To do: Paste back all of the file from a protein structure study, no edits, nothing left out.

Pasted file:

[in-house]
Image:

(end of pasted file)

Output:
[in-house]
Image: